Although the number of opportunities in investment‑grade corporates with dislocated prices have decreased as spreads have narrowed since late March, we believe that some segments of the global investment‑grade corporate market offer value. Investing in corporates outside the U.S. can provide valuable diversification benefits.
For example, bonds issued by select banks in the UK and Ireland tend to be less correlated with the U.S. corporate bond market, and we view them as providing attractive value. In contrast with the global financial crisis, when banks were at the root of the problems that radiated out into the economy and financial markets, banks are likely to play an important role in helping the global economy recover from the pandemic. In general, many global banks are fundamentally solid with ample capital levels.
Contrarian Opportunities in Energy
We have not written off the entire energy industry despite the precipitous decline in oil prices that began with Saudi Arabia’s decision to boost production in March. In what may seem like a contrarian idea, we are finding opportunities in bonds issued by a few companies in the U.S. shale oil industry. To the U.S. government, this is a key strategic industry, so it is more likely than other sectors to benefit from fiscal policy. We rely on our credit analysts to find the best‑run companies in the shale oil business and gauge the value of their bonds. We also favor bonds from some midstream energy companies, which process and transport petroleum products, because of their use of long‑term contracts and relatively low exposure to energy price declines.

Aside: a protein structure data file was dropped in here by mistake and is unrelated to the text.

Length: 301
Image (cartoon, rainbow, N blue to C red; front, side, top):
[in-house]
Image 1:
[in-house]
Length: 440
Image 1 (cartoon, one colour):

Ongoing Volatility Likely
Like all risk markets, global investment‑grade corporates would likely experience renewed selling pressure if the public health situation deteriorates as global economies start to reopen. We anticipate ongoing volatility amid the elevated uncertainty, and spreads could potentially move wider.